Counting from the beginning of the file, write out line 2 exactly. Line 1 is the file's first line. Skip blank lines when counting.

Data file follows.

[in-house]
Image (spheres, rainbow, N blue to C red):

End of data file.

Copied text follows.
Image (spheres, rainbow, N blue to C red):